I’m supposed to write a review of this book. I’m struggling with it honestly. I’ve written tons of reviews, but this one has me completely stymied.
“Why?” you may ask, “Was it a bad book?”
No. Actually it was really good. REALLY good. There was a lot of suspense and some really great plot twists. It was full of serial killers and crime scenes that would make the writers of CSI and Criminal Minds salivate with delight. My problem with the book is that the target audience is 12-18 year olds.
I’ll let that sink in again. The book about serial killers that I just finished reading was targeted to 12-18 year olds.
I admit that knowing that, I had a really hard time even reading this book. When I sat down to start it, I was expecting something along the lines of the tv show, Psych. That’s about serial killers and murders and crime scenes, but it’s written with a family feel in mind. There’s no need to graphically describe the bodies or the blood spatter. That’s for other shows. So when I started reading this book and the first few pages took me straight into a serial killer’s mind, I admit that it gave me pause. I even had my husband do some of the reading too. He was just as appalled as I was.
It was a little while before I picked it up again. I left it sitting on my nightstand for more than a week after I started it. I couldn’t get past the idea that it was a graphically situated book about serial killers and it was intended for kids. (I have an eleven year old who will be twelve in a couple of weeks and a fourteen year old. I know the age pretty well.)
This is the second book I’ve received from this publisher that was slated for a 12-17 year old audience with content that I found completely inappropriate for that age group. I’m not looking for sunshine and rainbows and unicorns in my YA. But seriously. One of the scenes in this book has a girl swimming at night in the pool behind the home where they are being trained by the FBI. A boy that lives in the house comes out and flips a switch and suddenly it’s bathed in black light. She sees then for the first time that the pool she’s swimming in is a crime scene with eerily glowing bloody hand spatters and a glowing outline of a bloody body at the bottom of the pool. I know I land on the conservative side of life, but still – how is that appropriate for a 12 year old reader?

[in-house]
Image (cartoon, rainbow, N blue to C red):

I’ve been watching the YA market for several years now with no small amount of interest. The film community has been as well with books like Harry Potter, Twilight and The Hunger Games launching multi-million dollar film franchises. But is that driving the YA market to an odd tipping point? Some of the more recent books I’ve read that are labeled YA (so are in school libraries by the way) really have adult plot lines and plot points. They feel more like books that couldn’t quite cut it in the adult market, so the authors turned the main characters into teens and VOILA. Success! But it’s not teens that are reading it and driving the market. It’s adults.
I’m not sure where things are going with this trend, but I do know that we can’t keep pushing teenagers toward adult entertainment and hope that something isn’t going to crack somewhere. They just aren’t ready for some of what we’re throwing their way.
The next time you hear an adult raving about a plotline for a YA book, ask them what the target audience is. Knowing that a seventh grader might be the target audience could shift their perspective of what they’re reading. It certainly changed mine.
What do you think? I’d love to hear your thoughts on it!